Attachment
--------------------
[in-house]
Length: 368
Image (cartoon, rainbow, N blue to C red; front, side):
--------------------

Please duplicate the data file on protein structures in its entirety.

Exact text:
[in-house]
Length: 368
Image (cartoon, rainbow, N blue to C red; front, side):